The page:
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Sometimes, more information doesn't help

 
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Beatsy



Joined: 05 Jul 2013
Posts: 911
Location: Malvern, UK

PostPosted: Tue Mar 14, 2017 8:19 am    Post subject: Sometimes, more information doesn't help Reply with quote

I bought a reference book on moths (Moths of the British Isles by Bernard Skinner) because my general insect reference lists very few species and I often failed to ID the moths I found. I'm not sure the new book helped though. Sure, it lists gazillions more moths and with practice I'll get better at ID'ing them, but right now, they all look the flippin' same to me Shocked

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abpho



Joined: 17 Aug 2011
Posts: 1423
Location: Earth

PostPosted: Tue Mar 14, 2017 8:29 am    Post subject: Reply with quote

And this is only page one. lol.


Try identifying mushrooms. I hear it makes identifying warblers a piece of cake.
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NikonUser



Joined: 04 Sep 2008
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Location: southern New Brunswick, Canada

PostPosted: Tue Mar 14, 2017 10:24 am    Post subject: Reply with quote

It's a superb book.
Unfortunately (perhaps intentional??) you chose the plate showing the "Pugs" which are for all practical purpose impossible to ID except by genitalia dissection (sound familiar?).

Another book worth having is Waring & Townsend "Field Guide to the Moths of Great Britain and Ireland" 2003.
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NU.
student of entomology
Quote – Holmes on ‘Entomology’
” I suppose you are an entomologist ? “
” Not quite so ambitious as that, sir. I should like to put my eyes on the individual entitled to that name.
No man can be truly called an entomologist,
sir; the subject is too vast for any single human intelligence to grasp.”
Oliver Wendell Holmes, Sr
The Poet at the Breakfast Table.

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Beatsy



Joined: 05 Jul 2013
Posts: 911
Location: Malvern, UK

PostPosted: Tue Mar 14, 2017 11:21 am    Post subject: Reply with quote

NikonUser wrote:
Unfortunately (perhaps intentional??) you chose the plate showing the "Pugs" which are for all practical purpose impossible to ID except by genitalia dissection (sound familiar?).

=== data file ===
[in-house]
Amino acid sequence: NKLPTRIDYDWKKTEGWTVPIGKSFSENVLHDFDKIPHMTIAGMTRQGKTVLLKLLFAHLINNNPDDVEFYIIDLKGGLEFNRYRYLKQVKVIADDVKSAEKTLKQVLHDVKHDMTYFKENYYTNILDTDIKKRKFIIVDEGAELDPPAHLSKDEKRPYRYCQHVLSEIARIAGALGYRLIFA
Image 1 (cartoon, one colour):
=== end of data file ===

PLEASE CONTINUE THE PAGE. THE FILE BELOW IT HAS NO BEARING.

Haha - you caught me being "theatrical", I admit picking the worst plate for my example Embarassed There are several other plates with a high proportion of near identical species though.

Yes - sounds familiar Smile I got the field guide to micro moths too. That's frankly even worse, but I expected it in the micros.
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Beatsy



Joined: 05 Jul 2013
Posts: 911
Location: Malvern, UK

PostPosted: Tue Mar 14, 2017 11:26 am    Post subject: Reply with quote

NikonUser wrote:
Another book worth having is Waring & Townsend "Field Guide to the Moths of Great Britain and Ireland" 2003.


There's a 3rd edition of this book (2017). Is the 2003 better?
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Peter M. Macdonald



Joined: 20 Jan 2009
Posts: 158
Location: Berwickshire, Scotland

PostPosted: Tue Mar 14, 2017 11:32 am    Post subject: Reply with quote

Just a quick heads up - the new, third edition, of Waring and Townsend has just been published. The illustrations, by Richard Lewington" are excellent, and show the moths in a lifelike pose, rather than Skinner's set specimens.

Another excellent choice would be British Moths - a Photographic Guide.

I use a combination of these two, and can get most denizens of my trap correctly identified. If I can do it, so can anyone.

There are lots of excellent pictures at https://www.ukmoths.org.uk/.

Peter
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Lou Jost



Joined: 04 Sep 2015
Posts: 1798
Location: Ecuador

PostPosted: Tue Mar 14, 2017 12:15 pm    Post subject: Reply with quote